So, what would George Bailey now do? First of all, I think he would want to examine the sociology of the crisis. How many of the imperiled homeowners are actually young families with children? These he would want to help. How many are singletons who used this speculative opportunity to jump onto the housing escalator? How many are empty-nesters who rode the bubble to move into a McMansion? How many are would-be “investors” looking for quick turnarounds in a rising market? He would have little sympathy for these latter categories, I suspect.
To help threatened families with children, George Bailey would support private and public efforts which put them first in line for access to renegotiated and publicly guaranteed mortgages. “Households with dependent children” would serve as the defining criteria. He would also probably agree with guidelines offered in 2008 by the Heritage Foundation, including:
- All government-assisted refinancing should go only to homeowners who use that home as their primary residence.
- No help should be given to investors, speculators, owners of vacation homes, homebuilders, realtors, mortgage brokers, or bankers.
- Help should also be denied to anyone who lied or made misrepresentations on their original mortgage applications.
Over the long haul, I suspect, George Bailey would also try to return the housing and mortgage industries to their real purpose: providing homes to new families. He would favor a restoration of the pre-1980 distinctions between the “thrifts” and the banks, at both the Utah and federal levels. He would support limiting tax deductions on home mortgage interest to one principal residence per family. He would favor a cap on the amount that could be deducted, so that only good shelter – not princely luxury – enjoyed favored tax treatment. And more broadly, he would redistribute state and federal tax benefits to favor larger families.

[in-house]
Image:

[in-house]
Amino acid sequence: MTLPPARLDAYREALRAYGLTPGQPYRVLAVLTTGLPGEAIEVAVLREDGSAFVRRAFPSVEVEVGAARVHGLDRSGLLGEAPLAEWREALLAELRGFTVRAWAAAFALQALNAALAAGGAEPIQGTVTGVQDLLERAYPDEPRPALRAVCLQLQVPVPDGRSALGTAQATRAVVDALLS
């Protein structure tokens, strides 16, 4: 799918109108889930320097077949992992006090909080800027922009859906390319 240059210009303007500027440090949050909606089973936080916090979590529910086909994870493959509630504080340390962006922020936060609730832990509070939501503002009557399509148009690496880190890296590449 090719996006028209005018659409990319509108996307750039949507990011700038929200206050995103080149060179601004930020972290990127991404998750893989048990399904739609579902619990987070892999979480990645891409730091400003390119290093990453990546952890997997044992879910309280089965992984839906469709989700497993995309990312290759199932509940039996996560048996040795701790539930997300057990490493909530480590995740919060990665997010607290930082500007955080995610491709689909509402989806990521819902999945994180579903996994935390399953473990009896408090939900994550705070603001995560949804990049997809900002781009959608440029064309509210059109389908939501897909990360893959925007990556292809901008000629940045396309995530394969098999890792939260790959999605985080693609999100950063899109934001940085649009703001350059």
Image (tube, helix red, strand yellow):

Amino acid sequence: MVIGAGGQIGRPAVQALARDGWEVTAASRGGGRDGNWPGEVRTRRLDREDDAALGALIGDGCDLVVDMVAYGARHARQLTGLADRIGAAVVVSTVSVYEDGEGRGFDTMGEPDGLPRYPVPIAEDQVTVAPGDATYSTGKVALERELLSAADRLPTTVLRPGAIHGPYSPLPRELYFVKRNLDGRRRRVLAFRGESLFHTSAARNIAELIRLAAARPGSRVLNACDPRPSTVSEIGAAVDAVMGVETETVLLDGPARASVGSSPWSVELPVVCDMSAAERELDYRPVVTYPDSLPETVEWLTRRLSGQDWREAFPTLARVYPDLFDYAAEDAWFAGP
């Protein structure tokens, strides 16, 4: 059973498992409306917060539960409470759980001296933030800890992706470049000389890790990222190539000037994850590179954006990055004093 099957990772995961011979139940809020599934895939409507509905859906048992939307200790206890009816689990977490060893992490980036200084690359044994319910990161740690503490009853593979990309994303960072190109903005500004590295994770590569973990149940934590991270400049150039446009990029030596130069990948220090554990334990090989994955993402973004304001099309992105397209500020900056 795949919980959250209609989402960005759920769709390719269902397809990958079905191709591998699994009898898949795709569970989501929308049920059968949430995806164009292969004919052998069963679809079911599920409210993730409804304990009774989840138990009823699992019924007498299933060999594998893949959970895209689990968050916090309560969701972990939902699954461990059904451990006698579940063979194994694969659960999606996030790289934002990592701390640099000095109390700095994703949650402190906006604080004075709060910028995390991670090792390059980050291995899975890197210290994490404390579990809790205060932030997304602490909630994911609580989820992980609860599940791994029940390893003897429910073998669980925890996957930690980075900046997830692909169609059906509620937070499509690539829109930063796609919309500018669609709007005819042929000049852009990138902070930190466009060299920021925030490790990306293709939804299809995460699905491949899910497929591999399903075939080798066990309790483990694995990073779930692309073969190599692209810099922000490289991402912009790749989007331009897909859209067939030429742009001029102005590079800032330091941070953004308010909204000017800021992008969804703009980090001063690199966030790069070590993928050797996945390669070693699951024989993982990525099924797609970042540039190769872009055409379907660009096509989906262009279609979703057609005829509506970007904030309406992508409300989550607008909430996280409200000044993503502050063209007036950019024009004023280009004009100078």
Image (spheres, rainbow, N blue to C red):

As his father had noted, “These families have children.” That, I believe, would be George Bailey’s touchstone for reform.
The author, Dr. Allan C. Carlson, is director of Sutherland Institute’s Center for Community and Economy, president of The Howard Center for Family, Religion & Society, and distinguished visiting professor at Hillsdale College in Michigan. Dr. Carlson founded the World Congress of Families in 1997. He has written for numerous publications including the Wall Street Journal, National Review, and Intercollegiate Review, and is the editor of The Family in America. He is the author of nine books, including The Natural Family: A Manifesto (Spence, 2007), which he co-authored with Paul T. Mero.
* George Sternlieb and James W. Hughes, America’s Housing: Prospects and Problems (New Brunswick, NJ: Center for Urban Policy Research, Rutgers University, 1980).
2. The Economics of Nuclear Power in Utah
Earlier this week, Sutherland hosted the last of three forums on nuclear energy in Utah. In this session, we discussed the economics of nuclear power generation in general and also as the topic relates to the proposed nuclear power plant near Green River, Utah.
Sutherland President Paul Mero interviewed three experts on the topic: Cheri D. Collins, Michael T. Hogue, and Edward Kee. If you missed the live webcast, you can view the video here or read the highlights on the Sutherland Daily blog post here.
3. Faith, Family and Free Markets: Fertile Ground for Happiness
By Matthew Piccolo
America’s founders believed that God endowed us with “certain unalienable rights, that among these are life, liberty and the pursuit of happiness” and “that to secure these rights, governments are instituted among men.”
Let’s focus on the third unalienable right in that list: the pursuit of happiness. What is “happiness” and what can government do to protect our pursuit of it?
Certainly, each individual defines “happiness” a little differently, but research shows that some specific things tend to be a source of happiness for most people. …
To read the rest of this post on the Sutherland Daily blog, click here.